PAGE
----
by G. Jack Urso
The Star Wars Holiday Special's, first, and only, broadcast on November 17, 1978, on CBS, is an infamous entry in the Star Wars canon. The plot centers around Han Solo getting his faithful Wookie co-pilot Chewbacca back to his home planet Kashyyyk for the Life Day celebration. Of course, Imperial troops are after them and the bulk of the story shifts between the search for the two rebels and small vignettes of everyday life on the Wookie home planet. Widely regarded as an embarrassing flop, the show has nonetheless acquired a cult following. Two segments and the complete program are provided below from the Aeolus 13 Umbra YouTube channel.
Various problems quickly emerge. First, the special is modeled as a variety show — a then-popular format near the end of its lifetime on American TV. Layered with songs, dance, humorous sketches, and not-so-witty one-liners, the result feels like your grandparents' version of Star Wars. The special effects typify late 70s video and computer technology. Blue screen chroma key effects are rather obvious. Instead of custom-built futuristic-looking computer housings, off-the-shelf systems are used, like repurposed commercial desktop computers, or cassette tape players disguised as data playback decks, with a little electronic flash to jazz it up, resulting in very cheap-looking stage props.
The special features several set pieces, including Harvey Korman in two short segments where he plays an alien chef and a malfunctioning robot. The alien chef bit is the better of the two items, showcasing Korman’s knack for accents and broad comedy; however, the malfunctioning robot bit is just painfully slow and unfunny. On a side note, famed fashion designer Bob Mackie, who previously worked with Korman on The Carol Burnett Show, did the costumes for the special. Ralph McQuarrie, tasked with making the preliminary concept drawings for Star Wars, did the illustrations. Also, James Earl Jones gets his first on-screen credit as the voice of Darth Vader.
Diahann Carroll sings "This Minute Now" to Chewbacca’s father, Itchy, in a virtual reality set-up (who seems to be enjoying it just a little too much). The Jefferson Starship shows up as a hologram performing “Light the Sky on Fire,” which, notably, is Marty Balin's last recorded performance with the group until 1993, having departed the band in October 1978 (see clip below). Bea Arthur (Maude, The Golden Girls) plays a bartender at the Mos Eisley Cantina, trading banal dialogue with an enamored alien barfly played by Harvey Korman before closing out the segment with an entirely forgettable song. Carrie Fisher solves the age-old question of “Are there lyrics to the Star Wars theme?” and immediately makes us regret the answer. To her credit, however, the young Fisher has a surprisingly pleasant singing voice, apparently having inherited the vocal cords of her parents, Debbie Reynolds and Eddie Fisher.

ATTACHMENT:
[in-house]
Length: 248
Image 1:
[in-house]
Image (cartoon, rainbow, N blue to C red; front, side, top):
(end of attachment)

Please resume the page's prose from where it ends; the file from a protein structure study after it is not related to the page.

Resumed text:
Other segments include holographic circus acrobats played by the Wazzan Troupe Dancers and Art Carney fumbling about trying to put Imperial troops off the scent of Han and Chewy. Bruce Vilanch, one of the writers, in a December 2008 Vanity Fair article, noted that Lucas insisted that no subtitles be used with the Wookies, which meant that someone who spoke English had to be around in every scene in order to repeat what the Wookies said in their own language. This slowed down the action and dumbed-down the story, as if that were even possible.
Of course, the stand-out segment is the animated sequence introducing Boba Fett to the Stars Wars universe (see below). The impact was immediate and fans couldn’t get enough of the grim, mysterious, cunning bounty hunter. While Darth Vader is a great villain, he’s the sort of character you save for the epic showdown. Fett fills in the space in-between, providing a sense of danger and threat to the protagonists without overusing the primary antagonist.
George Lucas, whose participation in the production was minimal, was so embarrassed by the final result that he disowned the program and once famously said that if he could destroy every copy, he would. Fortunately, or unfortunately depending on your opinion, fans who videotaped the program on early VCRs preserved the show and shared bootlegs at conventions, where I first came across it in 1992 after having seen it on TV during its only broadcast in 1978. Despite all that, and probably a little to Lucas’ chagrin, the program has secured such a unique place in the hearts of Star Wars fans that it is considered a canonical work.
For me, The Star Wars Holiday Special holds a nostalgic place. It aired exactly two weeks before my mother moved us out of the family home after the divorce from my father. In her rush to move, and recognizing the realities of going from a house to a small apartment, she left almost all of my toys behind, including my precious Stars Wars figures, as well as many other relics of my childhood. In that sense, our experiences can raise a simple piece of overblown pop culture ephemera, such as The Star Wars Holiday Special, into something a little more significant than if judged on its artistic merits alone.
From the Aeolus 13 Umbra YouTube Channel:
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